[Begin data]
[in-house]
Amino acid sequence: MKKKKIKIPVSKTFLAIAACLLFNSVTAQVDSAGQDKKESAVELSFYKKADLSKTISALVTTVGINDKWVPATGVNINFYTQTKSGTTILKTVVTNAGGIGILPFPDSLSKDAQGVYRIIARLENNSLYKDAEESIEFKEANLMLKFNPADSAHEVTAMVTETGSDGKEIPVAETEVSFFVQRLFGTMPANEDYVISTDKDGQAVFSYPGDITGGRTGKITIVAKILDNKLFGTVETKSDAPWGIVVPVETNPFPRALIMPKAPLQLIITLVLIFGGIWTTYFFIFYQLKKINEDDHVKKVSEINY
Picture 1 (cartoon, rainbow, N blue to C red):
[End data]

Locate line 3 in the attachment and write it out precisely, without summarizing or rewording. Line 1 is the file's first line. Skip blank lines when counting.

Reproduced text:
Picture 1 (cartoon, rainbow, N blue to C red):